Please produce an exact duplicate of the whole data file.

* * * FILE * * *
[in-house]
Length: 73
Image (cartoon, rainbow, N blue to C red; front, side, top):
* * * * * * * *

[in-house]
Length: 73
Image (cartoon, rainbow, N blue to C red; front, side, top):